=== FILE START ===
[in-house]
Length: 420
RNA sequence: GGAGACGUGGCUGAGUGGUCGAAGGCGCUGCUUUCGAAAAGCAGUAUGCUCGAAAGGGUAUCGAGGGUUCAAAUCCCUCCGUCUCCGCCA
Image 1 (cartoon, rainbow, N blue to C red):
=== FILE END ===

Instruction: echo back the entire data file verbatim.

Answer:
[in-house]
Length: 420
RNA sequence: GGAGACGUGGCUGAGUGGUCGAAGGCGCUGCUUUCGAAAAGCAGUAUGCUCGAAAGGGUAUCGAGGGUUCAAAUCCCUCCGUCUCCGCCA
Image 1 (cartoon, rainbow, N blue to C red):